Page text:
NBA All-Star Saturday Night 2013 Recap


Feb 16, 2013; Houston, TX, USA; New York Knicks guard James White attempts a dunk during the 2013 NBA all star slam dunk contest at the Toyota Center. Mandatory Credit: Brett Davis-USA TODAY Sports

To kick-off NBA All-Star Saturday night 2013, a fun and amazing evening, a lone Warrior, Stephen Curry, participated in the three-point shootout.

Unfortunately, with the pressure of being first, Curry scored 17 points, which isn’t bad, but wasn’t enough either.

Ryan Anderson followed Curry with 18 points, and Matt Bonner made 19. Thus, Curry was eliminated.

For the Eastern Conference, Kyrie Irving was first, and  he tallied 18. Following, was Paul George who scored a miserable 10, so he was out right there. The last and most favored to win was Steve Novak, who had 17. The final was set to be Irving versus Bonner.

In an incredible display, Irving caught fire and scored a very high 23, barely missing any shots until the end. Bonner did just as well, but unfortunately only scored 20. The winner was Kyrie Irving.

The dunk contest was equally as fun. Although I had James White winning, with over a 50″ vertical, he mishandled the ball quite a few times and was sluggish.

To start the contest, Gerald Green finished a nice off-the-side-of-the-backboard reverse dunk which immediately had the judges’ support with a combined 50.

Following him was White who, after a couple tries, was able to finish as two-handed dunk behind his head from just inside the free throw line. His dunk was impressive, but only earned a 45. After him was Terrence Ross, the lonesome rookie. He took six tries to complete a behind- the-back 360 dunk, but finally finished it. He received a 50 for degree of difficulty.

For the West, Kenneth Faried started out with a not-so-great off the backboard 180 dunk. He received just a 39 because it wasn’t very impressive. Following him, Eric Bledsoe tried four times to complete a between the legs dunk, but he ultimately settled for a weak 180-like dunk, which was worth only 39 points. The defending champion, Jeremy Evans, got the crowd into it. He was able to jump over a sitting 7’4″ man and finish with a reverse dunk, receiving a 47.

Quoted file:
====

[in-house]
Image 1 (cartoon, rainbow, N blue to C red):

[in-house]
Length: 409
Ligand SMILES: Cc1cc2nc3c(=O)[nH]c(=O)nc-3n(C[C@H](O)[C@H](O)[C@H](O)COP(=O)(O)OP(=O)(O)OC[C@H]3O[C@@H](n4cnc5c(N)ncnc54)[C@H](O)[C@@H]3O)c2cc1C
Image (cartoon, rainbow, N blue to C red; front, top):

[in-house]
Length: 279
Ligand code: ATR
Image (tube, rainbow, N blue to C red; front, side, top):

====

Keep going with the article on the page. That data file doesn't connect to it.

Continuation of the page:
In the second round, White desperately tried to finish a windmill from the free throw line, but he came up empty, but the judges gave him a score of 32.

Gerald Green had an interesting dunk: He took off the net, tried to dunk it, pick the ball up and dunk it again. He failed to do so until the clock ran out, when it didn’t count, of course. Green also received a 32. Terrence Ross was able to score a 49, on a dunk that wasn’t even worthy of a 10. Nevertheless, it was enough to get him to the finals.

For the West, who had done poorly in the first round, Faried had something to prove. This time, he impressed all with an incredible off-the-backboard between the legs dunk, which received a 50 from the judges. After him, Eric Bledsoe also had something to prove after receiving a 39 in the first round. Bledsoe also completed a nice reverse dunk which earned him a 50. Jeremy Evans, however, did just enough with a signature two-ball dunk, which got him a 43.

The final was to be Terrence Ross and Jeremy Evans.

Jeremy Evans’ first dunk in the finals was a left-handed windmill, jumping over a painting of himself and dunking with his left hand. He proceeded to sign the painting. His second dunk was a floating beauty over a man sitting down. It was pretty, but not good enough.

Terrence Ross’ first dunk was a tribute to Vince Carter, wearing his old jersey. Ross caught a ball off the side of the backboard for the 360 slam. Ross’ second dunk was over a ball boy who was “a couple inches taller than Kevin Hart,” according to Kenny Smith. It was a between the legs dunk, and a solid finish. These two dunks locked Ross up for 58 percent of the votes, and we then had a new champion: Terrence Ross.